God the Father is the king, the Son is Jesus, and the feast is the heavenly wedding banquet. The servants are the prophets, who were mistreated and killed by the Jewish religious leaders like the scribes and Pharisees, who rejected Jesus and his ministry. The burning of the city most likely refers to the destruction of Jerusalem by the Romans in 70 AD, which eliminated Jewish temple worship ever since. Since God’s chosen people refused the invitation, the king will gather people from all walks of life, including those of no account, notorious sinners, and the Gentiles from outside Israel, who will experience salvation.
The second part of the story, however, is not as encouraging. One man arrives to the banquet without a wedding garment and therefore is thrown into the “outer darkness.” The garment most likely represents the righteousness that comes from repentance and the fruitfulness that results from the conversion of our lives ever more deeply to the Lord.
The point is that we all are called to the kingdom, but not all of us will be found worthy of the invitation. Some will turn it down outright and exclude themselves, while others will accept the invitation but fail to follow through on its demands to put their lives in the service of the Gospel. That also is uncomfortable to think about.
However, there is hope. As some scholars have pointed out, there was a practice in Jewish antiquity of providing wedding garments for guests. Therefore, the harsh sentence meted out to the man in the parable most likely was based on his complete cluelessness about showing up to the party in what effectively was jeans and a dirty T-shirt. To the extent that we are willing to take even the smallest amount of time to reflect on our need to repent, I believe that Christ the bridegroom will be the first to hand us that beautiful white garment, covering the dirtiness of our sins with his redemption. We simply need to take it in hand.
Our parish year of prayer with its theme--Pray Together, Stay Together—officially launched last weekend. Over the next nine months, we will endeavor to grow closer to the Lord through prayer. Last week, a parent told me that our church and school have become more integrated and the parish more welcoming. Having worked together over the last year on becoming more deeply connected as One Body in Christ, we will spend this year becoming more deeply connected with God, so that we can stay together as his people.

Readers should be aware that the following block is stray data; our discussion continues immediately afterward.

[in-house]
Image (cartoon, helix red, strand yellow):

Bulletin articles each week will focus on practical approaches to prayer in the Catholic tradition. Through our innovative Small Bytes program, guest speakers in a series of talks on Sunday mornings will deliver small “servings” of theology and catechesis to teach us different ways to pray, with an opportunity to learn more later in the same week. We will also put into practice what we have learned about prayer in our many small groups, which are forming quickly. We also will be preaching about prayer throughout the year. In fact, this week we begin a new eight-week message series at Sunday Mass called, More Than Lip Service: Living Out An Uncomfortable Religion.
Many people think of prayer as just something we speak using our tongues and mouths. But true prayer is more than lip service. It is a call to live in the way we pray and to pray based on the way we live. In other words, prayer leads to action, and good works lead us back into prayer. As the Catechism tells us, “prayer and Christian life are inseparable” (CCC 2745). And that can be just a little uncomfortable, if we’re not living as we should.
For instance, Jesus makes a rather uncomfortable statement in the gospel reading today. He says that the kingdom of God will be taken away from those who are unfruitful and “given to a people that will produce its fruit.” Many Christians comfort themselves with the oft-quoted maxim that God does not call us to be fruitful but only faithful. Yet, the opposite of fruitfulness is not faithfulness but failure. That God would destroy his own vineyard because it did not bear fruit, as the allegory set forth in the first reading today suggests, is indeed uncomfortable to think about.